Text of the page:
So you’re launching a voucher scheme. You have gathered feedback from your employees, carried out extensive research on the different programmes available, chosen a scheme, and you’re ready to go.
But will your scheme work? And do you have the resource to manage it effectively?
First, if the vouchers are intended to reward performance, then deciding what to measure is an important initial step.
“Start with something easily measurable, like sales performance or absenteeism,” says Andrew Johnson, director general of the UK Gift Card and Voucher Association.
Administration is another consideration, particularly for more complicated schemes, such as those that are points-based. But Johnson says if you have established what the needs of the scheme are, the administration shouldn’t put you off.
“Resource needn’t be a problem, as most of it can be outsourced,” says Johnson. “You can allow an agency to look after the promotion of the scheme, even going as far as giving them access to your intranet.”
Voucher programmes that are part of wider benefit programmes also have set-up procedures that should be considered.
“If the vouchers are part of a flexible benefits scheme, although the flex provider will put in place the salary deduction scheme, there is some important administration; funds have to be made available promptly to the voucher provider,” says Paul McRae, business development director at The Voucher Shop.
But perhaps the most important thing to get right when launching a gift voucher or gift card scheme is communication, according to McRae.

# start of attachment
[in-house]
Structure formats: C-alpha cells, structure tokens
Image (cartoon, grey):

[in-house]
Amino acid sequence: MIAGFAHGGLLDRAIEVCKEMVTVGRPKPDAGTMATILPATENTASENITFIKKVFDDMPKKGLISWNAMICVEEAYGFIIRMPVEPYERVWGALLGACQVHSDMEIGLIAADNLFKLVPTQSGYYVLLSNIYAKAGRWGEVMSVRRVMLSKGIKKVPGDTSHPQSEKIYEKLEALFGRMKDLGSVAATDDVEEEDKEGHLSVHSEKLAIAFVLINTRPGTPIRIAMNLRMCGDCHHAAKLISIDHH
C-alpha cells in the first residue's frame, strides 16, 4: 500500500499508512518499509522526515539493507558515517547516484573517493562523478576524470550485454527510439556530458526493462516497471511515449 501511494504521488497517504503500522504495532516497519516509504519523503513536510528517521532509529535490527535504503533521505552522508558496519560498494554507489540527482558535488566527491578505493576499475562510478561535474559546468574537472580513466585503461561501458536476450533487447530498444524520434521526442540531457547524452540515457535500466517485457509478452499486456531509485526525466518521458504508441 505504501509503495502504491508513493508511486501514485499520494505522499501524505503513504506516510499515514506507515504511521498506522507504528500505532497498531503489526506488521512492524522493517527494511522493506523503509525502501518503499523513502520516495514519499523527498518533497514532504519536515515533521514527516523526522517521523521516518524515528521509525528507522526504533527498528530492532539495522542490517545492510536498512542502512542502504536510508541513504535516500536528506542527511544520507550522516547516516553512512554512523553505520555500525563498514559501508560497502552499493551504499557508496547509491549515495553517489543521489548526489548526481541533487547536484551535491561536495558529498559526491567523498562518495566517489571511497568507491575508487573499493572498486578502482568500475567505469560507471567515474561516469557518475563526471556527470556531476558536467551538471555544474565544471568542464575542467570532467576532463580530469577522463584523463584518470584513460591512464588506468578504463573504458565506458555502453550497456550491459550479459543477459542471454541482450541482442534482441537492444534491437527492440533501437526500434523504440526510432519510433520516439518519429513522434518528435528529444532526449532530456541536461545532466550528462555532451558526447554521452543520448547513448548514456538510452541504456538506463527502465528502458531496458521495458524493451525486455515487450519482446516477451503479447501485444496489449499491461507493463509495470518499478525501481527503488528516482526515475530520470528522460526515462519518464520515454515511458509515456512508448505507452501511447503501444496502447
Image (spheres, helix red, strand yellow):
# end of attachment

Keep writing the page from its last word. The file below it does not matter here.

“There is a huge variety in the take-up levels when these schemes are launched,” he says. “Usually it’s between 10% and 20% in the first year – but sometimes it can be as low as 5%, which is often due to companies not communicating the benefits effectively.”
With card-based schemes, a common mistake is that employees simply think they are being offered another credit card, McRae says.
“Companies often get a bit excited about seeing their logo on the card. So we tell them that what they really need to promote is the discounts that are available, because we find that what happens is that take-up rises as the discounts message gets around by word-of-mouth. So, often, in year two of a scheme, we will see take-up climbing by 50% to 100%.”
The Voucher Shop runs roadshow events with its clients to explain the benefits of its schemes. They can be very effective, says McRae, “but it’s important that there is somebody in place at the employer who can liaise with us when organising these events.”
At House of Fraser, business incentives manager Raegan Matthews agrees that regular communication with clients is important to a voucher scheme’s success. “When there are events in stores or one-off sales or Mothers Day events, we would let our clients know, who could then feed back this information to staff,” she says. “We might send them a PDF poster they can print out or an email newsletter to circulate.”
But she acknowledges the administrative burden that this can entail. “Employers who wish to run a complex scheme with regular updates, e-newsletters, presentations and so on might be better choosing to outsource to a specialist agency.”